Neal Boortz: How about truth we can believe in?

What we need here is a truth-in-statistics act.

You’ve heard that figures don’t lie but liars can sure figure. Well, there’s a lot of statistical prevaricating going on right now, most of it in statistics being spouted forth about the Democrats’ attempt to take over our nation’s health-care system.

Let’s try this one first. Democrats claim that 14,000 people lose their health insurance every single day.

True? Hardly.

This number came at the height of job-loss crisis — when 14,000 people did lose their jobs in one day. The statistical magicians assumed every one of these people had health insurance through their employer. Apparently no one considered that some were covered by a spouse’s policy or were enrolled in the Cobra program, or that any took new jobs with health coverage.

They just lost their health insurance; end of story.

Democrats want us to believe that this level of health-insurance loss has continued for every single day since then. Simply not true, but so long as the ObamaMedia doesn’t report the truth, keep on telling the lie.

Here’s another: Certainly you’ve heard that more than 50 percent of bankruptcies result from health-care costs. Illinois Democratic Sen. Dick Durbin uses the 50 percent figure. Others push the figure up to over 60 percent. I guess they want us to believe that we’ll see a sharp drop in bankruptcies as soon as we get ObamaCare passed.

Last July, the American Enterprise Institute for Public Policy Research took a deep dive into these numbers and found that they were nonsense. Instead, the AEI concluded that the number of people who went bankrupt primarily because of medical bills was closer to (are you ready?) 9 percent. That’s right. Someone tell Dick Durbin, as if he cared what the true and accurate numbers actually were.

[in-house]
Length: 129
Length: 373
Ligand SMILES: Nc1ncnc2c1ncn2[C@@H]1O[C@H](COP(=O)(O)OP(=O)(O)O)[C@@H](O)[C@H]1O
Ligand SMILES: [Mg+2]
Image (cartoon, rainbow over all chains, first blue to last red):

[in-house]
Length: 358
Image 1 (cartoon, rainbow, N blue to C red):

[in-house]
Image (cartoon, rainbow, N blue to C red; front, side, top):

Now let’s have a little fun with poverty statistics. It was Lyndon Johnson who demanded an official U.S. government measure of poverty. He was looking for a way to maximize the appearance of poverty to create an excuse for even more government welfare programs. So, according to the feds, you could live in a paid-for $5 million home with a five-car garage containing five paid-for $100,000 sports cars. You could have $10 million in your checking account and $50 million worth of jewelry and gold buried in a safe. All of this, and the federal government could still categorize you as “living in poverty.” How’s that? Because the determination is made on your income, not your wealth.

Your income falls below a certain level for the size of your household and, bingo! You’re poor!

Notice in my example above – the guy with the $5 million home – I made no mention of any income.

Now this next one is fun. I developed this statistic myself. Well, I actually hired someone to do it for me. This was many years ago when local governments were preening over their gun buy-back programs. Haven’t seen one for a while, but these asinine gun buy-backs used to be a big deal. We would have some police department hand out a few thousand bucks for about 200 mostly worthless guns, and then the chief would talk about all those lives that were saved. Hogwash. I went to Georgia Tech and engaged a statistician to come up with a number of how many guns had to be bought back to arrive at a statistical certainty of saving one life. For the purposes of his study we defined a statiscal certainty as a 95 percent chance of saving one life. Do you think buying back 200 handguns saved even one life, let alone dozens?

The curiosity must be killing you: To reach a statistical certainty of saving one life you would have to buy back 75,000 guns. I don’t think that many guns have been bought back in all programs across the country. In other words, wasted money and grand rhetoric.

Sounds rather like Washington, doesn’t it?

Neal Boortz's column will appear every Saturday. For more Boortz, go to